Instead of recommending that we just shut it all down and never interact with another thing that is not aligned with our values (which would be impossible, stupid, and probably end up making us ironically unhappy), she recommends bracing ourselves before we engage with at media or people that we know tend to mess us up a little bit. Before we watch that video or scroll that Instagram feed or meet up with that friend who we love but whose values around certain areas of life do not match our own, her advice is to remind ourselves repeatedly: this is not true for me, or this is not even real.

I absolutely, 100% need those reminders for a lot of things that both a) make me happy or inspired and b) make me feel a little bad about my life. Your things (people, accounts, shows) are probably totally different than mine, but I’m guessing you know exactly who or what they are. Having that mindfulness about what I’m taking in and absorbing can make all the difference.

3. Be Impractical

Over the past few months, my mindset has felt, at times, relentlessly practical. I’ve tried to be efficient and streamlined, get into the zone with my work, stay productive, and get organized.

Sounds great, right? Right. But when you start to feel annoyed that you can’t keep working because you have to go to the bathroom (yet) again, or feel like you can’t do the laundry or make lunch because it will cut into work time, something is wrong. YOU are wrong. (I’m talking to myself here.)

For me, self-care is about coming back to the impractical things, and making time for all those intangible things that don’t have a “purpose” or “objective” that can be measured or calculated. Things like going to work at a beautiful café, even if it means I’m a tiny bit less focused while I’m working. Going for a really long walk in the middle of the workday, just because it’s the only sunshine we’ve seen in weeks. Doing things just for fun: reading books, knitting blankets, writing blog posts. Buying flowers for my apartment. Recently I took a bath after my shower and it was deliciously impractical – and very soothing.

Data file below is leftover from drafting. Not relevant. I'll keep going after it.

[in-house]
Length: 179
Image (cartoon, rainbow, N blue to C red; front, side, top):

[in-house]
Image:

Constantly reminding myself that not everything needs to have a dollar value or specific outcome attached to it helps a lot.


I am not so great at any of this stuff, so tell me: how do you practice self-care? What does taking care of yourself look like for you?

P.S. If you liked this post, you might also like: being mindful about what we consume, figuring out what matters to us, affirmations for uncertain days and today, be gentle.

 

11 Ways to Keep Your New Year’s Resolutions (All Year Long!)

11 Ways to Keep Your New Year's Resolutions (All Year Long!) >> Life In Limbo

We’re almost halfway through the year, so it’s a great time to check in with your goals or resolutions for the year. How have you been doing? Have you been doing them?

Even if you’ve forgotten about your goals entirely, the year is not over yet. Not even close! It’s not too late to re-evaluate, re-configure & re-commit to your goals. Here are my top tips for sticking to your goals right up until December 31st (and beyond!).

Don’t let the perfect be the enemy of the good

On my list of 26 things I’d like to do before my next birthday, I included the item “collect quotes”. Not only was this very vague (more on this in a bit), it also conjured up fantasies for me of how best to go about completing this goal. Maybe I could make a beautiful collage on my wall! Maybe I could sit down and hand-letter all of the quotes and later bind them into a book! Maybe I could write each of them on a slip of paper and put them into a lovely jar!